The more problems they made for themselves, the more they were rewarded [by the welfare state]. We had a peculiar demoralisation… I mean, an actual removal of morality from all human consideration.
I remember, I had a patient with multiple sclerosis, and her husband worked, but he didn’t earn a lot of money, and they needed some adjustments to their house so that she could get out of the house more easily and so on. It seemed to me this was a place where the welfare state could actually help. So, I phoned a social worker… and I made a grave mistake. I said, “I have a particularly deserving case…” And there was a stony silence on the other end. And then the social worker said that all cases were deserving. In other words, you couldn’t distinguish between this case of need, which was nobody’s fault, and someone who took drugs and set fire to his house in a state of intoxication. There was no difference.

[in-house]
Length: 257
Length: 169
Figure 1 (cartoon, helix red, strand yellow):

And since, of course, people who behave badly become more needy, they actually gain more attention and more sympathy. If you remove desert from all considerations, this means that one source of meaning in life is completely removed.
Plenty to chew on and at times darkly funny. Regarding the quote above, this isn’t entirely unrelated.
Update, via the comments, another snippet:
I was trying to persuade intellectuals that a lot of their world outlook was bad and was doing harm rather than good. So that the destruction of the family, which rich people can perhaps survive, is devastating for people who need social solidarity more than anybody else.
At which point, this came to mind.